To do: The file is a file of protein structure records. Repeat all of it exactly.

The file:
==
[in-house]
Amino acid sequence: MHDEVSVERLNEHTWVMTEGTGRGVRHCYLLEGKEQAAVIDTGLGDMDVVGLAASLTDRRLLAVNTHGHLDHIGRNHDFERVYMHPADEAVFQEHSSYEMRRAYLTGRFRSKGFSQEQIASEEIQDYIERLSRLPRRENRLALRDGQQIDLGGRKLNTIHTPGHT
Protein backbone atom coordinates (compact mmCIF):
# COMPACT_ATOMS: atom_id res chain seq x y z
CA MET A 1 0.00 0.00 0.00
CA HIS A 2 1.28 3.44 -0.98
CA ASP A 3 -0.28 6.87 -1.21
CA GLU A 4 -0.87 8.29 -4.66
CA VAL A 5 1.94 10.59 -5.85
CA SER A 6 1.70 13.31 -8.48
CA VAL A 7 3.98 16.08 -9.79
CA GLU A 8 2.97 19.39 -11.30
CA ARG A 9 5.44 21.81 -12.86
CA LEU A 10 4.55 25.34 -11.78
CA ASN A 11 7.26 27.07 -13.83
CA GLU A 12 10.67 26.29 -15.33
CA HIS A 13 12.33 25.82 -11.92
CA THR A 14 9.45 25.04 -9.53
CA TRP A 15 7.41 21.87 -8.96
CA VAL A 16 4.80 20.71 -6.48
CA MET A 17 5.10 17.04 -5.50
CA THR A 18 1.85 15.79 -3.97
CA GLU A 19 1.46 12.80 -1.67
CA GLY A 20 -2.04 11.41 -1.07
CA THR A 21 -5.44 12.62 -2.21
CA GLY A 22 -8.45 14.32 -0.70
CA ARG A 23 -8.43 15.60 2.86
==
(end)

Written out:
[in-house]
Amino acid sequence: MHDEVSVERLNEHTWVMTEGTGRGVRHCYLLEGKEQAAVIDTGLGDMDVVGLAASLTDRRLLAVNTHGHLDHIGRNHDFERVYMHPADEAVFQEHSSYEMRRAYLTGRFRSKGFSQEQIASEEIQDYIERLSRLPRRENRLALRDGQQIDLGGRKLNTIHTPGHT
Protein backbone atom coordinates (compact mmCIF):
# COMPACT_ATOMS: atom_id res chain seq x y z
CA MET A 1 0.00 0.00 0.00
CA HIS A 2 1.28 3.44 -0.98
CA ASP A 3 -0.28 6.87 -1.21
CA GLU A 4 -0.87 8.29 -4.66
CA VAL A 5 1.94 10.59 -5.85
CA SER A 6 1.70 13.31 -8.48
CA VAL A 7 3.98 16.08 -9.79
CA GLU A 8 2.97 19.39 -11.30
CA ARG A 9 5.44 21.81 -12.86
CA LEU A 10 4.55 25.34 -11.78
CA ASN A 11 7.26 27.07 -13.83
CA GLU A 12 10.67 26.29 -15.33
CA HIS A 13 12.33 25.82 -11.92
CA THR A 14 9.45 25.04 -9.53
CA TRP A 15 7.41 21.87 -8.96
CA VAL A 16 4.80 20.71 -6.48
CA MET A 17 5.10 17.04 -5.50
CA THR A 18 1.85 15.79 -3.97
CA GLU A 19 1.46 12.80 -1.67
CA GLY A 20 -2.04 11.41 -1.07
CA THR A 21 -5.44 12.62 -2.21
CA GLY A 22 -8.45 14.32 -0.70
CA ARG A 23 -8.43 15.60 2.86